Congressman Jeff Fortenberry says the system in Washington is stuck.
Congress returned to Washington to begin its lame-duck session. It returned from the elections to the same issues it left behind.
Fortenberry, a Republican, says Congress might be able to get the system moving again by focusing on fiscal policies and tax reform with an emphasis on small businesses.
“There may be enough common ground there to get something done, but I can guarantee it will be messy. There might be enough concern nationwide that the current drift in these policies compels us all to search more aggressively for that common ground,” Fortenberry tells Nebraska Radio Network affiliate KLIN.
Fortenberry says President Obama will have to provide more leadership than he has in the past to get the country moving in a positive direction.
“Letting it drift is not an answer. This is not doing anyone any good in America,” according to Fortenberry. “So, hopefully there can be some common ground on stopping the overspending and the right kind of tax reform to get the economy moving.”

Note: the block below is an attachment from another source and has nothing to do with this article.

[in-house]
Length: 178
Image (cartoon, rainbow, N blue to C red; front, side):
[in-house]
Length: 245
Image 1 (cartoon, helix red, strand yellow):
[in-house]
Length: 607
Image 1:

Though a few new faces will be evident in Washington next year, among them Nebraska United States Senator-elect Deb Fischer, the power structure remains unchanged. A Democrat presides in the White House. Democrats control the Senate. Republicans control the House.
Fortenberry says the president cannot change the make-up of the Congress; he will have to work with it as is.
“We’ve not had, really, reasonable and prudent leadership on budgetary matters in the last couple of years,” Fortenberry says. “You’re going to continue to have a House of Representatives that’s going to be punchy and tough in that regard. The Senate is going to have to deal with this.”
Congress is in session briefly before the Thanksgiving break next week. Then it returns to handle issues such as whether to extend the Bush-era tax cuts, head off deep budget cuts to defense and domestic programs along with other issues.